I first reported to you about a massive data breach at Uber in a Scam of the day in November of 2017. Unfortunately, the data breach had actually occurred in 2016 and Uber did not disclose that it had suffered the data breach until 2017. Personal information” including names, email addresses and mobile phone numbers of 20 million Uber users and employees was stolen. 
There are a number of major problems unique to this data breach, most prominently that the data breach occurred in 2016 and Uber did not publicly disclose that it had occurred until late in 2017.  This is a violation of federal and state laws and regulations.  This week the Federal Trade Commission increased sanctions against Uber for its actions in failing to report the data breach promptly. According to Maureen Ohlhausen, the Chairman of the FTC, “After misleading consumers about its privacy and security practices, Uber compounded its misconduct by failing to inform the Commission that it suffered another data breach in 2016 while the Commission was investigating the company’s strikingly similar 2014 breach.”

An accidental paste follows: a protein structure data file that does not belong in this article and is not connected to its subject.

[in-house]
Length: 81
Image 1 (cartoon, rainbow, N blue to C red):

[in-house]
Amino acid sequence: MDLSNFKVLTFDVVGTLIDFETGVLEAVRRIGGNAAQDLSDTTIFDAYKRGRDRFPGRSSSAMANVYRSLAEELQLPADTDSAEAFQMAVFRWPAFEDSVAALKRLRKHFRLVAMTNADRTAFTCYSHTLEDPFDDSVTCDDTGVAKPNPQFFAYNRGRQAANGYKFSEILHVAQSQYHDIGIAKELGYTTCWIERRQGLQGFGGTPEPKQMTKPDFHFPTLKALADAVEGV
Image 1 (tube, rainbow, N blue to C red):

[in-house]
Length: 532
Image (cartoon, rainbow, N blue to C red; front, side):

If you were a Uber user or employee in 2016 you are in jeopardy of identity theft.  Additionally, we do not know precisely how long the data breach actually occurred.  If indeed the information lost was limited to your name, email address and mobile phone number, the biggest threat to you will be from spear phishing emails and text messages that may appear quite legitimate because the come addressed to you by name and may appear to relate to a legitimate purpose.  Clicking on links contained in these emails and text messages puts you at risk of downloading malware that can lead to identity theft or ransomware malware.  As always, the best course of action is to never click on any link, regardless of how legitimate it may appear until you have confirmed that it is legitimate.
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